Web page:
Perhaps they break up their sales team with certain members handling different parts of the sales process, or they explore a better way of connecting with their customers through a communications company.

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The goal is ultimately going to be finding the right balance, where they’re being efficient with the resources they have to maximize their sales goals without stretching themselves too thin. Finding this balance is often easier said than done, but it’s incredibly important for any business that is going to thrive.

Combining Efficiency and Effectiveness to Maximize Productivity

Being effective vs efficient works best if both are pulled together for the best results.

If a business is ineffective in accomplishing its overall goal, and the customer doesn’t feel that the service is equated with the cost, then efficiency becomes largely irrelevant. The business may be speedy and use minimal resources, but they struggle to be effective. This may put them at risk of going under.

It’s for this reason that it’s best to shoot for being effective first, and then work on bringing efficiency into practice.

Improving productivity starts with taking the initiative to look at how effective a company, employee, or method is through performance reviews. Leaders should make a point to regularly examine performance at all levels on a whole, and take into account the results that are being generated.

Businesses and employees often succumb to inefficiency because they don’t look for a better way, or they lack the proper tools to be effective in the most efficient manner possible.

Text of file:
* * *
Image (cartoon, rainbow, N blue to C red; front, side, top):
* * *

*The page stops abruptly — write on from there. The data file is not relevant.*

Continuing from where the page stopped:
Similar to improving a manager or employee’s level of effectiveness, regularly measuring the resources needed to obtain the desired effect will ensure that efficiency is being accounted for. This involves everything from keeping track of inventory and expenses, to how communication is handled within an organization.

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By putting in place a baseline value for key metrics and checking them once changes have been made, a company will have a much better idea of the results they’re generating.

It’s no doubt a step-by-step process. By making concentrated efforts, weakness can be identified and rectified sooner rather than later when the damage is already done.

Bottom Line

Understanding the differences between being effective vs efficient is key when it comes to maximizing productivity. It’s simply working smart so that the intended results are achieved in the best way possible. Finding the optimal balance should be the ultimate goal for employees and businesses:

  • Take the steps that result in meeting the solution.
  • Review the process and figure out how to do it better.
  • Repeat the process with what has been learned in a more efficient manner.

And just like that, effective and efficient productivity is maximized.

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Featured photo credit: Tim van der Kuip via unsplash.com

Reference

[1] Merriam-Webster: effective and efficient
[2] Mind Tools: Being Effective at Work
[3] Inc.: 8 Things Really Efficient People Do